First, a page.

A photographic journey that brings to life the vivid palette of Panna, the Central Indian landscape that was reclaimed by tigers
Tanya Tiwari Thakkar | Varun Thakkar
A classic Panna shot—where a tiger rests like a king on a cliff above the Ken river as dawn breaks.
Panna National Park is a pristine wildlife habitat nestled amidst the Vindhya Hills in the northern part of Madhya Pradesh. The national park was established in 1981 and declared a tiger reserve in 1994. Spread across 1646sq.km., in the districts of Panna and Chhatarpur, the park stands as an epitome of the successful reintroduction of tigers after local extinction owing to rampant poaching and illegal mining.
Formerly a royal hunting ground for the princely states of Panna, Chhatarpur and Bijawar, by the late 1990s, Panna had all but wiped out its entire tiger population. The reintroduction efforts started in 2009, when T1 and T2, two female tigers from Bandhavgarh and Kanha tiger reserves respectively, were successfully relocated inside Panna. After that, T3, a male tiger, was relocated from Pench Tiger Reserve. The tigers were radio-collared, monitored and tracked at all hours. More than a decade later, the reintroduction has proven successful, with Panna National Park boasting a healthy population of 70 tigers.
The park is in a unique geographical location, wherein below it lies the forest belt stretching towards Cape Comorin and above it, the Great Gangetic Plains. River Ken (ancient name Karnavati) is a perennial river that meanders through the tiger reserve and is the lifeline of the region. It is one of the cleanest rivers in India and is home to the Gharial, Mugger Crocodile and other aquatic fauna. The park's topography is astonishing and can be broadly divided into the Talgaon Plateau, Hinauta Plateau and Ken Valley. Paintings made by cavemen can still be witnessed on the rocks inside the reserve.
The reserve has a heterogeneous mosaic landscape of dry deciduous forest and dry and short grasslands. The dominant species of flora are Teak (Tectona grandis), Kusum (Schleichera oleosa) and Kardhai (Anogeissus pendula). Khair (Acacia catechu) is found in abundance on the slopes and at the foot of the plateau, giving it an orangish-reddish hue.
The reserve serves as a link between the faunal populations on either side of the Vindhya ranges. Apart from the Royal Bengal Tiger, the reserve has a healthy population of Indian Leopard, Sambar, Spotted Deer, Rusty-spotted Cat, Fishing Cat, Sloth Bear, Striped Hyena, Nilgai, Chinkara, Chousingha, and the Desert Cat being the latest discovery. The reserve also boasts a wide range of avian fauna, which includes a large population of vultures. The resident species include the Long-billed, White-backed, Egyptian and Red-headed Vultures. The Eurasian Griffon, Himalayan Griffon and Cinereous Vulture are the migratory vulture species found in the region.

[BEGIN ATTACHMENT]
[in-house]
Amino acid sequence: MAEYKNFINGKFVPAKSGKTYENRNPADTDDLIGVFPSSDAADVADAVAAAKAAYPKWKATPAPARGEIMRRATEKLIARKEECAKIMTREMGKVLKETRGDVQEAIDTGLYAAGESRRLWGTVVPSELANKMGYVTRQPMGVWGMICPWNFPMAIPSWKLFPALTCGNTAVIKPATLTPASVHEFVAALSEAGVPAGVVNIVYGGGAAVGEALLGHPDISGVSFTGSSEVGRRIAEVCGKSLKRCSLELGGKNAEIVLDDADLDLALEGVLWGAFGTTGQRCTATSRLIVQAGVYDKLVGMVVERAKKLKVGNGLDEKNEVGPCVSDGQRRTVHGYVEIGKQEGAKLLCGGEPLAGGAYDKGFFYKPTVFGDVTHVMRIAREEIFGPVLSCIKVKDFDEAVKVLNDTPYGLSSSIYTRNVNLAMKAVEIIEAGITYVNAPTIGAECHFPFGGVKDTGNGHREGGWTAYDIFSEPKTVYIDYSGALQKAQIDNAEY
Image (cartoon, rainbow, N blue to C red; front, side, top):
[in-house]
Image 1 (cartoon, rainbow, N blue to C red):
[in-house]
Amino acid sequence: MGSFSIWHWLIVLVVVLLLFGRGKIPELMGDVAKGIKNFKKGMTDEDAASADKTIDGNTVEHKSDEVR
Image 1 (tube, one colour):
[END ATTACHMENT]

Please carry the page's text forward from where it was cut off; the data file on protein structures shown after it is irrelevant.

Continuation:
Some of the other birds found in the Panna National Park include the Chestnut-bellied and Painted Sandgrouse; Yellow-footed and Orange-breasted Green-Pigeon; Common Pochard, Ferruginous Duck, Grey and Painted Francolin; Rock Bush-Quail, Little and Great Crested Grebe; Grey, Large-tailed, Indian and Savanna Nightjar; Black-necked and Sarus Crane; Peregrine Falcon, Black-headed Ibis, Eurasian Curlew, Common Sandpiper, several species of owls and many more. The diverse avian fauna makes Panna a paradise for birdwatchers.
From sighting a tiger amid the Saccharum grass on the rocky banks of River Ken to watching flocks of vultures bask in its gorges, Panna is a unique amalgamation of different habitats that shelters a diverse set of flora and fauna—an absolute paradise for wildlife enthusiasts.
Friday, 01 April, 2022
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Tanya Tiwari Thakkar is an advocate by profession and works at the Madhya Pradesh High Court in Jabalpur. Tanya loves to escape to the jungle now and then and she shares her experiences from her wild sojourns through her words and images. She posts as @aynat_t on Instagram.
Varun Thakkar is a businessman from Nagpur. His hometown’s serendipitous proximity to tiger reserves, sanctuaries and forests resulted in him making the transition from a tourist to an award-winning photographer. He has won four awards in the Nature inFocus, Photography Contest, two in 2015, and one each in 2017 and 2020. He believes that wildlife photography is not only about making a good image or owning great equipment; a deep understanding of the subject’s behaviour is equally important. He posts as @varunthakkar156 on Instagram.